(MayoClinic.com) Few marital problems cause as much heartache and devastation as infidelity. Money worries, health issues and disagreements about children can strain a relationship — but infidelity undermines the foundation of marriage itself. Divorce isn't necessarily inevitable after infidelity, however. With time to heal and a mutual goal of rebuilding the relationship, some couples emerge from infidelity with a stronger and more honest relationship than before.
Infidelity isn't a single, clearly defined situation — and what's considered infidelity varies among couples and even between partners in a relationship. What may be acceptable for some couples may be unacceptable for others. Similarly, what's tolerable for one partner in a relationship may be intolerable for the other. For example, is it infidelity if your partner is attracted to someone else but doesn't act on it? Is an emotional connection without physical intimacy considered infidelity? What about online relationships?
Many factors can contribute to infidelity, from low self-esteem or discontent with the marriage to addiction to sex, love or romance. Generally, a person who's having an affair:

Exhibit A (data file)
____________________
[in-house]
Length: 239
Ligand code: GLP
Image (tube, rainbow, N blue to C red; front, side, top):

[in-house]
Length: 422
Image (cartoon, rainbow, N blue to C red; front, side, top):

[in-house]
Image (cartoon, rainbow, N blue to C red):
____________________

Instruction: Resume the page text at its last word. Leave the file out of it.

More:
The initial discovery of an affair can trigger a range of powerful emotions for both partners — shock, rage, shame, depression, guilt, remorse. You may cycle through all of these emotions many times in a single day, one minute vowing to end the marriage and the next wanting desperately to save it. At this point, it's important to take one step at a time:
Recovering from an affair is a difficult and ongoing process. Still, it's possible to survive an affair. Consider these steps to promote healing:
Not every marriage affected by infidelity can — or should — be saved. Sometimes too much damage has been done or reconciliation remains elusive. However, if both of you are committed to rebuilding your relationship and you have the strength and determination for the task, the reward may be a partnership that grows in depth, honesty and intimacy.
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